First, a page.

The Catalyst Fund
How Does the Catalyst Fund Work
Managed by Pappas Capital, a leading life science investment firm in Durham, NC, the Catalyst Fund makes investments in the form of project funding for Wake Forest Baptist technologies being developed at Wake Forest Innovations that have the potential to make a significant impact on clinical practice and to attract licensing interest. Technologies are presented to a steering committee comprised of external scientists and industry experts. The steering committee then makes recommendations to Pappas Capital about which technologies merit investment, with a corresponding development plan. Catalyst-supported technologies remain the intellectual property of Wake Forest Baptist.
Awards from the Catalyst Fund are provided according to the needs of the project. The goal is to support activities that can increase the value of a technology and the likelihood of it being licensed by an established company or a start-up that will complete its product development, secure its regulatory approval, manufacture it and introduce it to clinical practice and the marketplace. Such activities include:
- Advanced prototyping
- Chemical synthesis
- Pharmacokinetic studies
- Preclinical or clinical proof-of-concept studies
- Safety testing
- Market research
By making significant investments in our proprietary technologies through the Catalyst Fund, Wake Forest Innovations and Pappas Capital are working together to translate high-impact technologies into valuable products that can improve health—the mission of the Medical Center and a win for patients and industry partners.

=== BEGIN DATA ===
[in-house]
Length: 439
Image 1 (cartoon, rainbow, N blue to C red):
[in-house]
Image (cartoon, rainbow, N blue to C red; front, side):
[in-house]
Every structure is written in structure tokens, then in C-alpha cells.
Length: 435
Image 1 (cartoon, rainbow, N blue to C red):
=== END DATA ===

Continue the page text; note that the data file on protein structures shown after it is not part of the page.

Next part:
If you are a member of Wake Forest Baptist Medical Center, learn more about how the Catalyst Fund can be used to develop your technologies.
Primary Hyperoxaluria (PH)
PH is a group of rare genetic diseases that cause recurrent kidney stones. Catalyst is supporting two projects that are developing orally bioavailable small molecule treatments for two distinct metabolic targets involved in PH pathogenesis. The effort involves industry-caliber medicinal chemistry.
Collaborators: University of Alabama-Birmingham, Department of Urology; Mayo Clinic Hyperoxaluria Center; Oxalosis and Hyperoxaluria Foundation
- W. Todd Lowther, PhD, Professor of Biochemistry, Wake Forest School of Medicine
- Ross P. Holmes, University of Alabama-Birmingham
A TAT-frataxin fusion protein under development for the treatment of Friedreich’s ataxia and other mitochondrial protein replacement disorders.
Catalyst participated in the company’s Series A equity funding round led by Deerfield Management Company.
- R. Mark Payne, previously Associate Professor of Pediatrics, now at Indiana University
A novel stent technology platform with primary application in difficult-to-stent settings such as biliary duct procedures.
The Catalyst-supported project goal is a commercial prototype evaluated in proof-of-concept large animal studies.
- Cliff Howard, MD, Assistant Professor of Radiology
Novel Antibody for Lung Cancer
Development of an antibody for a novel immune checkpoint with the potential to eradicate cancer stem cells and enhance tumor immune response in lung cancer and other cancers.
- Hui-Kuan Lin, PhD, Professor of Cancer Biology and Scientific Director, Prostate Cancer Center of Excellence
A patient-facing, integrated electronic health record and post-discharge care management planning tool for chronic conditions such as stroke.
COMPASS (Comprehensive Post-acute Stroke Services) is the basis for a 49-center PCORI-funded trial assessing the tool’s ability to improve post-acute readmission rates. Catalyst has supported the development of an EMR-compatible, market-ready product.
- Pamela Duncan, PhD, PT Professor of Neurology and Gerontology and Geriatric Medicine
- Allison Brashear, MD, Professor and Chair of Neurology
- Cheryl Bushnell, MD, Associate Professor and Director of Wake Forest Comprehensive Stroke Center
- Ralph D’Agostino, PhD, Professor of Public Health Sciences and Director of Biostatistic Core, Comprehensive Cancer Center
- Scott Rushing, Director of the Research Information Systems Unit, Department of Biostatistics, Division of Public Health Sciences